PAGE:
“We’re doing this for the excitement,” Tran said with a laugh. “It’s like waiting in line for a concert. It’s just the thrill of the hunt.”
Their mission was a Christmas gift for an uncle.
When store manager Greg Hoenig opened the doors, shoppers entered to the sound of “Walking in a Winter Wonderland.” People started coming in from the parking lot, where they had waited in warm cars. About 35 shoppers streamed in, greeted by employees passing out sales flyers and the coveted gift cards. Inside the store the was filled with stacks deals that protruded into isles.
“Yesterday was our techie sale,” Hoenig said. “We had Airbuds on sale and they went quickly, but we still have some tech deals. Today it turns into shopping for everybody and last-minute gifts.”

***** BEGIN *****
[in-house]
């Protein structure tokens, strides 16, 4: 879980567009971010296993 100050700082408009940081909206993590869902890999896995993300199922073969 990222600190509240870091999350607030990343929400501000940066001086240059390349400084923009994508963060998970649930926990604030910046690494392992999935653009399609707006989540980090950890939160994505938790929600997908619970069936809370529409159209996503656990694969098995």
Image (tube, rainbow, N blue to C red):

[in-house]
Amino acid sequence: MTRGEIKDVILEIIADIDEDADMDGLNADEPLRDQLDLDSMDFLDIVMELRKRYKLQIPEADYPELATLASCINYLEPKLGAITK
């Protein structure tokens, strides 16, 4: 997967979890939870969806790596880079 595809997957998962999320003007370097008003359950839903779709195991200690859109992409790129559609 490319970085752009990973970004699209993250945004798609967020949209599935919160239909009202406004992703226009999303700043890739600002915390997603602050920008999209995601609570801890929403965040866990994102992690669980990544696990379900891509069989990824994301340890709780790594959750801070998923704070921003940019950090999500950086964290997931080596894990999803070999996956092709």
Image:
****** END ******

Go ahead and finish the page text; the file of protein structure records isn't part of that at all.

At Target, only one man was in line at 6:20 a.m., but as the clock moved closer to the scheduled 7 a.m. opening, people started showing up. Dean Collins, of the Village of Chatham was in line to get a deal on a 60-inch TV.
“I’ve bought all of my TVs on Black Friday, but I haven’t bought one in 10 years,” Collins said. “We’re doing some remodeling and I have room for a bigger TV now, and I’m a TV guy.”
He started at Walmart, but found out the deals there started Wednesday and all of them were gone. Next, he went to Lowe’s for the gift card gamble.
“I was at Lowe’s to get a gift card, but I scratched it and it said no money for Dean,” he said. “There was a $500 prize but I didn’t get it, so I’m here for a TV.”